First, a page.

We are in a period of Negro League renaissance, which is both splendid and long overdue. This week, the seminal baseball site baseballreference.com began to include Negro League statistics in its comprehensive accounting of the sports. Last year, as part of the 100th anniversary of the founding of the Negro League, came a wonderful tip-your-cap online celebration that included all living ex-Presidents, among many others.
And the Negro Leagues Baseball Museum, on the historic corner of 18th and Vine in Kansas City, Mo., continues to become more of a must-see among visiting ballplayers and tourists.
But it was 50 years ago this week that a little-known meeting between Jackie Robinson and Bowie Kuhn took place that truly began to right a rolling series of old wrongs.
On Feb. 9, 1971, Satchel Paige had been nominated for the Hall of Fame, the first player who spent most of his career in the Negro Leagues to be so honored. Baseball thought it was doing right by Paige — and his fellow barnstorming veterans. But when the press conference was held, it was revealed that Paige would not have a plaque in the Cooperstown hall where the immortals reside eternally, but in a separate room.
The backlash was immediate. And it was overwhelming.
Jim Murray, at the time the most widely read syndicated sportswriter in the country, wrote in the Los Angeles Times: “The notion of Jim Crow in Baseball’s Heaven is appalling. What is this — 1840? Either let him in the front of the Hall — or move the damn thing to Mississippi.”
Kuhn, commissioner for two years by then, offered this tone-deaf reply: “Technically, you’d have to say he’s not in the Hall of Fame. But I’ve often said the Hall of Fame isn’t a building but a state of mind. The important thing is how the public views Satchel Paige, and I know how I view him.”
Milton Gross, the Post’s hard-hitting columnist, was buying none of that:
“The Hall of Fame is not a state of mind. It is something semi-officially connected with organized baseball that is run by outdated rules which, as Jackie Robinson said the other day, ‘can be changed like laws are changed if they are unjust.’ ”
Kuhn had managed to order thunderstorms for his sport’s parade. Robinson declared Paige should boycott the August ceremony, and while Paige publicly handled the controversy with grace, privately he seethed.
“The only change is that baseball has turned me from being a second-class citizen,” he told friends, “to a second-class immortal.”
The seeds of Paige’s induction had been sown five years earlier when, during his own Hall of Fame speech, Ted Williams had said, “I hope that someday the names of Satchel Paige and Josh Gibson in some way can be added as a symbol of the great Negro players that are not here only because they were not given the chance.”
Kuhn had a percolating problem on his hands, so he privately summoned Robinson in late June 1971, and Robinson spoke in frank terms. Robinson had been furious when the original arrangement was announced.
“If the blacks go in as a special thing, it’s not worth a hill of beans,” said Robinson, who was himself by then a longtime Hall of Famer. “It’s the same rotten thing all over again. They deserve the opportunity to be in it but not as a special category.”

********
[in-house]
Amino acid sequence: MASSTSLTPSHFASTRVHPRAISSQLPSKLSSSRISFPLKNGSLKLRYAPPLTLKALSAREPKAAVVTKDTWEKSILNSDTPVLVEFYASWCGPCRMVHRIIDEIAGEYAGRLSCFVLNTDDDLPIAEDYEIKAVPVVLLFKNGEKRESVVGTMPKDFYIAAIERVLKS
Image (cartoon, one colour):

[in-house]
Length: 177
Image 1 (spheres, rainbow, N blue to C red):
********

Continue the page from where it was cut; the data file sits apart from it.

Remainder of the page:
Within a week, the new announcement was official: Satchel Paige would be a full-fledged member in good standing of the Hall of Fame, beginning with his induction on Aug. 9. The announcement was made July 7 — Paige’s 65th birthday.
Paige delivered a seven-minute speech that was regularly interrupted with cheers, and he capped it off by saying: “I am the proudest man on the earth today, and my wife and sister and sister-in-law and my son all feel the same. It’s a wonderful day, and one man who appreciates it is Leroy Satchel Paige.”
Fifty years ago this week, baseball also chose to do itself proud.
A neat College World Series connection for Mets fans: Surely you know Jack Leiter, Al’s son, is one of the best amateur pitchers in the world, and he’ll throw for Vanderbilt in Omaha this week. Vandy’s batting coach and lead recruiter? Mike Baxter, the outfielder who sacrificed his body (and maybe his career) to keep Johan Santana’s no-hitter alive nine years ago this month.
It used to be the Yankees who hoarded all the pixie dust and made ordinary players good ones simply by handing out a pinstriped jersey. Wonder if the sport’s latest laboratory of reinvention in Tampa Bay can do the same for Mike Ford.
Remember when 17-, 25- and 26-point second half leads were considered sort of safe, even in the NBA?
Do you think Donovan Mitchell ever gets a little homesick?
Whack Back at Vac
Richard Zarr: The shenanigans pulled by the Lightning to activate Nikita Kucherov for the playoffs reminds how Poodle Lussier, Gilmore Tuttle, Mad Dog Madison, Clarence Swamptown, and Ogie Ogilthorpe were activated to play in the Federal League championship game.
Vac: No way I’m letting a “Slap Shot” email go by without a little bit of love.
Pat Hughes: I was there at the Coliseum in 1980 when Bobby Nystrom beat the Flyers, nothing louder. I was a rifleman in Vietnam with the 173rd Airborne; a firefight was not louder. I will miss that building.
Vac: I’d say that’s the best endorsement of how loud the Old Barn is as anything I’ve ever seen before, how about you?
@tskogg: Kevin Durant in Game 5 was an amazing performance but has to be put in context. I don’t see any Unselds, Monroes, Gilmores, Issels, Thompsons, Millers, Thomases, Wilts, Wests, McHales or Parishes on the Bucks. Competition can’t compare.
@MikeVacc: I take it you are not a fan of Pat Connaughton?
@DCBCoaches: But can Durant close the deal? Patrick Ewing and Jason Kidd never did.
@MikeVacc: An there we have the $64 question of all $64 questions.